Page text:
The work that I do inspires girls and women to write, to me it is imperative that women follow their dreams because who shouldn’t be allowed to follow their dreams? Of course as a writer my focus is on boosting writers and storytellers. Hell, women are the best storytellers – if you’ve heard women gossip then you will know that they are great at telling stories just generally. But it shouldn’t be the radical female authors such as Austen, the Brontë sisters, Maya Angelou or Chimamanda Ngozi Adichie that gain the most praise and attention, every female writer deserves to be up there with their work which is my The Book Club is so important for me. There are masses of girls and young women like me in the world with a dream to become an author who need support, guidance and at least just one person out there who believes in them.

Reading the work of female authors to beat the sexism in the industry is important of course it is, especially if we want them to stand out. However, what about the up and coming authors, to beat the stereotypes and prejudice for them would be fantastic, but the fact that men are published more than women supports a sexist issue, it’s not a conspiracy theory or a blame by pointing fingers, it’s just simply a fact. I believe the two plights go hand in hand and should be tackled to support one another.

So can we begin to support those up and coming female authors who are talented, who have a story to be told, who write Sci-Fi and Fantasy novels and especially the ones who have no one that believe in them? Surely if there are more female authors being published, there are more female authors to be read, heard from and loved.


Sources: Here and here.


Book Club, Events

A Night with Maya Angelou

A Night with Maya Angelou.


At a glance the night was a wonderful mix of a warming and magical ambience, beaming with a friendship of joy, honesty, knowledge and love. I cannot recall ever having to recover from a relaxing night out, so when I woke up this morning (having not touched a drop of alcohol last night) feeling as if I had drunk my own body weight of rum I needed to collect my thoughts and feelings of last night and get them down for everyone to see! Friday night we added to the new chapter to the life of Maya Angelou that opened after her passing in June – her legacy. Her legacy and lasting imprint that she has made through her lessons of kindness – her lessons were always kind, no matter how harrowing the story, her openness, the platform she has built to allow other women to raise their voices and her ability to make others feel as if they knew her personally. We opened the night with a speech from Maya Angelou – from the Glamour Women of the Year Awards in 2009 and set the night up for a whirlwind affair with an abundance of inspiration.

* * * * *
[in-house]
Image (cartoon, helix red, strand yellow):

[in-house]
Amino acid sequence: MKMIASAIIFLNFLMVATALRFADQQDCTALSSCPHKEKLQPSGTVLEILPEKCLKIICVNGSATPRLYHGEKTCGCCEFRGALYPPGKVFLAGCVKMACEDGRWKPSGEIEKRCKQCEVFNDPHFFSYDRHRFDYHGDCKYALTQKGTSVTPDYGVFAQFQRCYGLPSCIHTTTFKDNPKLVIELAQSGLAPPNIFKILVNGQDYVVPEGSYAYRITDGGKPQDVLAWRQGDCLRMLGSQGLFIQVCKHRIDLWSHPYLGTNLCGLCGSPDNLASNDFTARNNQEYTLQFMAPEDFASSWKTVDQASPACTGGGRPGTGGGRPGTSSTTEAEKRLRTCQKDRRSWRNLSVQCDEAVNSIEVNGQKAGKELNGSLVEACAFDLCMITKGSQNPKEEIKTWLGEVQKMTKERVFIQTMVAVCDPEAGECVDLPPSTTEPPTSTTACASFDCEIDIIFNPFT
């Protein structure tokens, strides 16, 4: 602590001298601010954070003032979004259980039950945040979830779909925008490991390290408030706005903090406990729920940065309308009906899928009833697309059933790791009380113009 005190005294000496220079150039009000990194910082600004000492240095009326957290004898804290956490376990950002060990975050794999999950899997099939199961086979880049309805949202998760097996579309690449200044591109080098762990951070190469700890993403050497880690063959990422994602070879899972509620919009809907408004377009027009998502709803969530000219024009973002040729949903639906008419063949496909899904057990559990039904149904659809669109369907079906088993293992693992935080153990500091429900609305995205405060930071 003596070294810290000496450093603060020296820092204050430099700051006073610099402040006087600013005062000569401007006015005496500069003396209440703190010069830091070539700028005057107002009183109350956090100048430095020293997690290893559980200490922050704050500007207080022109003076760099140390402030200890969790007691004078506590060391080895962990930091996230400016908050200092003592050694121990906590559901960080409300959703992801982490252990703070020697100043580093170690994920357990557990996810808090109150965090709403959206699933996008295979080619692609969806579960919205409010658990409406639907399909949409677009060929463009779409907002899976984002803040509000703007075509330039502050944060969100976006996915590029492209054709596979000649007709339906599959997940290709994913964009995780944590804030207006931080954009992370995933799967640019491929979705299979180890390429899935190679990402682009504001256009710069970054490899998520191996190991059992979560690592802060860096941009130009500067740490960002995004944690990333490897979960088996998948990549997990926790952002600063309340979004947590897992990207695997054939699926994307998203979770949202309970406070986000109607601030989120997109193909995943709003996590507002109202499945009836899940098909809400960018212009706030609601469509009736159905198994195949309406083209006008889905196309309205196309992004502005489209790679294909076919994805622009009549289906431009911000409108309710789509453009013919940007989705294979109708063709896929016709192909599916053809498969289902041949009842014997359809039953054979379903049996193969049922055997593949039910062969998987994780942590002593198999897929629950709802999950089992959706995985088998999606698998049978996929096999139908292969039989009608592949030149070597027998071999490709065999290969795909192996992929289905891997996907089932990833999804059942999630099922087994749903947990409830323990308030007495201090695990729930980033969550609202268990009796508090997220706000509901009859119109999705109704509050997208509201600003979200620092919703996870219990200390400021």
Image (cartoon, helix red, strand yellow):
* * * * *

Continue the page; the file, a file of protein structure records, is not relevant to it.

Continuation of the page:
From her own works to pieces that were inspired by her, the night took form in a range of incredible performances that celebrated Maya’s work and her life. We opened the night with a beautiful young lady named Lauren Williams who is currently Birmingham’s Young Poet, her poem that was inspired by Maya’s poem ‘Still I Rise’, coloured the night with fresh hope – the perfect beginning to an illustrious night.

South African poet Tessa Lowe carried the night on with a deliciously wise section from Maya Angelou’s biography. Hearing a voice filled with knowledge tell a part of someone’s story that is in turn, filled with knowledge created the perfect mixture.

As the night took a turn – for the better – the guests were treated to an acoustic delight by multi-talented musician Alisha Kadir (who is also a talented poet). Who dished up with a blend of original songs and an incorporation of ‘I Know Why The Caged Bird Sings’ into ‘If I Had A Boat’ by James Vincent McMorrow. Alisha set a relaxing tone with her alluring vocals and beautiful guitar chords.

After the break we were welcomed back by Nina Lewis, a poet who had just returned to the poetry scene, but you never would have thought that she had left! Her anthology of poems inspired by Maya Angelou captivated the guests. It was a pure joy to watch a creative in her element, reading her work, executed so delicately you couldn’t help but be moved.

And when we say the night had it all, it had it all. Dramatist Marlene McKenzie who is from the Shakti Women tribe but also runs a women’s theatre group, gave us a treat of reflection. She allowed us to explore our personal growth through a ten minute piece and a character that engaged and encouraged the audience to question their relationships with people who are producing negativity and self-doubt within our lives, the answers from the guests were inspiring to say the least!

Next former Birmingham Poet Laureate and a personal favourite, eloquent poet and play writer Jan Watts read two original poems, two insights to two personal lives inspired by Maya and how she had given women a platform to use their voices, Jan ended her section with a reading of Phenomenal Woman, the sparking, self-loving poem by the late Dr. Maya Angelou.

Before the night ended we asked Lauren to join us again and perform another poem, it was the the perfect end to the perfect night. A night that was shared by so many guests who all had the same thing in common, not just the love for a great woman but the experience of her, the ability to share their stories and raise their voices and this is the effect that Maya Angelou has reaped all over the world, in so many countries and in so many different women (and mens) lives.